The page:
In yesterday’s News and Observer, Brian Lewis, formerly chief lobbyist for the North Carolina Association of Educators, discussed his “change of heart” regarding private schools. He previously opposed all efforts to fund private schools, which he had described as “unaccountable” and “scams.” He wrote: “Then life happened.” His daughter, Isabel, after “six great years in public schools,” was floundering in middle school, without any of the nurturing teacher-student relationships she had previously experienced. With the financial resources to seek out a private alternative, his daughter is thriving once again. Lewis characterizes her private school teachers as “mainly former public school teachers who want to teach rather than serve as standardized test proctors.”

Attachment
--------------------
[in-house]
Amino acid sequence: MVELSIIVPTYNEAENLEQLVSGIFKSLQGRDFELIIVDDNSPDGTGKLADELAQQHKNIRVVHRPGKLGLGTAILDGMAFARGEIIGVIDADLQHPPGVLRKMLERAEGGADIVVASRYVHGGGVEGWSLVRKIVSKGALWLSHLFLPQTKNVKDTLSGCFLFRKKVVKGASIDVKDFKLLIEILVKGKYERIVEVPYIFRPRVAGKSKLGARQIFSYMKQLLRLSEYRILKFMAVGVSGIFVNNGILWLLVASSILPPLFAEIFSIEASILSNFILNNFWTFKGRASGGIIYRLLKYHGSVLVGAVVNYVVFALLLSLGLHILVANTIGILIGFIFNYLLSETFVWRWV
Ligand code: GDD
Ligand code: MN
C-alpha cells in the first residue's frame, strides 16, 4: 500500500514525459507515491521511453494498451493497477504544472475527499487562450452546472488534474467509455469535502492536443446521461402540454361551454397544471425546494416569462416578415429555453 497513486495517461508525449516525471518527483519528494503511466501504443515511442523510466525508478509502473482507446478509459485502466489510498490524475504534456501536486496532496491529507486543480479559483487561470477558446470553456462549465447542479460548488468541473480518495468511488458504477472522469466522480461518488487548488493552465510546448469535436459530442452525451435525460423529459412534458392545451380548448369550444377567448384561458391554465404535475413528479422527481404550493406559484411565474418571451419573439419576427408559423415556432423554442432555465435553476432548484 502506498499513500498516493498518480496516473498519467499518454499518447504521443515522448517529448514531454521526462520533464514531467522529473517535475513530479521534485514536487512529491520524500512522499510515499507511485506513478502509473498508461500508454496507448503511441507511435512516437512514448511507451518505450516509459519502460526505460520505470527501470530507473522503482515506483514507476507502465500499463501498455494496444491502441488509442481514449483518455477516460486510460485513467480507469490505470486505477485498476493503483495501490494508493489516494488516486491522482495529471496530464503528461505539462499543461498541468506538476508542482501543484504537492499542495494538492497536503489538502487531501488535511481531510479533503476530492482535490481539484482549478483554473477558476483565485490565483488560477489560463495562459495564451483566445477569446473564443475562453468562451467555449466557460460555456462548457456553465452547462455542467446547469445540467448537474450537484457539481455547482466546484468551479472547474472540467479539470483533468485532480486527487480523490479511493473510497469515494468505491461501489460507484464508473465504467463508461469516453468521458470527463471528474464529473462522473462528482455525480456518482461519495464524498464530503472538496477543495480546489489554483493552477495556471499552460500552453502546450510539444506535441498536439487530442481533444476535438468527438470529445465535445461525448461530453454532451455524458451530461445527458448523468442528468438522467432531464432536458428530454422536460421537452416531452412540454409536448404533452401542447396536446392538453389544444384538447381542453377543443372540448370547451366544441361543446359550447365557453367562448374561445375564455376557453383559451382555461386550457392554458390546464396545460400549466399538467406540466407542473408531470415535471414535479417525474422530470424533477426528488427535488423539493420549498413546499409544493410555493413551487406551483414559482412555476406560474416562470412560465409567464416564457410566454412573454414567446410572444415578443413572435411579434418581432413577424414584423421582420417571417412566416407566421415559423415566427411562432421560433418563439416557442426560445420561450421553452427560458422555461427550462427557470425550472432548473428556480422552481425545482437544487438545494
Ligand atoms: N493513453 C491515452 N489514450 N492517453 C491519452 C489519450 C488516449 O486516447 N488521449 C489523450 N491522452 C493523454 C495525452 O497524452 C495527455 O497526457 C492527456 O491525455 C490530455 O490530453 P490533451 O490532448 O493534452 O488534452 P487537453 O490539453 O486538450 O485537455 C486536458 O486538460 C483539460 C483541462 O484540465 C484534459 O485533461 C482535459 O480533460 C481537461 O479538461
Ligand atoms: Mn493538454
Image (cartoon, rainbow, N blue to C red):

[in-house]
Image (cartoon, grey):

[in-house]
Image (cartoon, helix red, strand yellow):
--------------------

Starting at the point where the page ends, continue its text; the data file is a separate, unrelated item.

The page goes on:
Lewis acknowledges that many folks cannot afford an alternative to public schools. He also recognizes that regardless of income, “public schools are not a good fit for all kids.” Welcome to the world of special needs kids. In my experience, finding a good fit for many kids is like trying to match that glass slipper to every foot in the kingdom. The result? Bleeding toes. Cramps, aches, and pain. When you add the level of testing which now occurs routinely in public schools, it’s no wonder that our fragile students are struggling. A positive teacher-student match is at the core of any successful classroom placement, in my opinion. But even the best teachers are gasping for breath as they attempt to teach while conducting endless progress monitoring. You may also have an experience similar to that of Lewis’ daughter: you get a couple of good years and then the teacher-student fit is dreadful. Ask any special educator who is involved in classroom placement. We all know that some students are unlikely to do well in certain classes. Is the special needs kid so difficult or is it a poor environmental fit? You know what I think.